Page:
Engineering tons of metal to fly straight up is no easy feat. Here's how helicopters make vertical flight a reality.

SeekerPublished: July 10, 2018Updated: July 11, 2018
Published: July 10, 2018Updated: July 11, 2018

Airplanes fly because their wings are curved on the top and flat on the bottom, allowing them to harness the Bernoulli Principle. With speed, the air passing over the wing is less dense than the air under it, creating lift. Helicopters have rotor blades that also create lift. As the blades spin they move the air. Less dense air passes over the blades with denser air passing underneath it.

Put that way it sounds simple, but it's far more complicated, because while airplanes get lift naturally by moving through the air helicopters have to constantly generate it themselves.  This is how they can takeoff and land vertically, and also fly backwards, sideways, and hover in place. But they can't glide if something goes wrong; they aren't aerodynamic like planes. If they lose power, they fall like a rock. Helicopters fly by sheer brute force, which is really incredible, but gives them some limits.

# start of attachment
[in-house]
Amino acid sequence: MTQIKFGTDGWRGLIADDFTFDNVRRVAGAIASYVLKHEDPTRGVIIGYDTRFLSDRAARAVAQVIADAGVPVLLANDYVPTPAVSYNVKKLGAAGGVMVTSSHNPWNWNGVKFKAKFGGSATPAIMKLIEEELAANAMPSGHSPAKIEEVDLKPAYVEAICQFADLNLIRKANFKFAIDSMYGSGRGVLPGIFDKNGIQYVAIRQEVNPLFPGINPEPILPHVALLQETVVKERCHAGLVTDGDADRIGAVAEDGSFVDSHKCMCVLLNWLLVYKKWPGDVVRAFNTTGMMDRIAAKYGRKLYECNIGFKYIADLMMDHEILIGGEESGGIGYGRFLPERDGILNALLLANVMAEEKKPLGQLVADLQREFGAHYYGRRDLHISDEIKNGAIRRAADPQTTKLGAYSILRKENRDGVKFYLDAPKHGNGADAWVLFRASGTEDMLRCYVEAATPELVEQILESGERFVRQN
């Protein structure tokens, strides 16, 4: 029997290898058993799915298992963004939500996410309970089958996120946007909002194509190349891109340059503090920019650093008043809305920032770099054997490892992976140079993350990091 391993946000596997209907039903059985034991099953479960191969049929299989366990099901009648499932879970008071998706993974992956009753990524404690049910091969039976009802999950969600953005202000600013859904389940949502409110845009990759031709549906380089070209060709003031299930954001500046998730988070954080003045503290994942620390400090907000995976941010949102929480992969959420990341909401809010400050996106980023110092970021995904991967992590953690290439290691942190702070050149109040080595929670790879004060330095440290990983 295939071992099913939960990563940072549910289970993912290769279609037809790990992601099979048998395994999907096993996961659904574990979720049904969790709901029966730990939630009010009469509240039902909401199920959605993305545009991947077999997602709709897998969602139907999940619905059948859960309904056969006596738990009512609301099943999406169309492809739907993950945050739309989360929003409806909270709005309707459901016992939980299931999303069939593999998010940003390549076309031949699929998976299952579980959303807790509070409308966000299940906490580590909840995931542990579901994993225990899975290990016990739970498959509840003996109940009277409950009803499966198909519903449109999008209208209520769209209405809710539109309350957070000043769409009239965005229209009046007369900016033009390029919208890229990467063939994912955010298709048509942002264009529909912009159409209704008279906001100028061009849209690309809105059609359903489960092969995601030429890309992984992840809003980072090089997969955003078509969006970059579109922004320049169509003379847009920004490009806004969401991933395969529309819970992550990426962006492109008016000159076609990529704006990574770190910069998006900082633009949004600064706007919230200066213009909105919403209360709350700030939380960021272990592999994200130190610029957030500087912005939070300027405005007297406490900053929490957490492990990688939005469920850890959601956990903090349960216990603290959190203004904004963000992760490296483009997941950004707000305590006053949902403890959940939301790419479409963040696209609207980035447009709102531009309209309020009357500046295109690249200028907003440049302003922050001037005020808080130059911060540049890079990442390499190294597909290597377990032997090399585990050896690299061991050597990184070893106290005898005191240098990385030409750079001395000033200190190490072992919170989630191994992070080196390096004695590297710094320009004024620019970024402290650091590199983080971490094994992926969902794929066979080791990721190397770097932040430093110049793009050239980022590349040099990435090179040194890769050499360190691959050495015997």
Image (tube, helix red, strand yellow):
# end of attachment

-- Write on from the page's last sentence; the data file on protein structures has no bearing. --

Planes can fly upside-down. The fixed wing means that as long as air is moving over the wing, usually by tilting the nose upwards slightly, it still has lift. As a helicopter's rotor spins, the generated thrust moves upwards with the direction of lift, so flying upside-down would demand redirecting the blades so the thrust is the opposite way, supporting an upside-down vehicle.

That said, a helicopter could fly a barrel roll if it was moving fast enough, but that's a stunt you're more likely to see at an airshow than from a news helicopter over a city.


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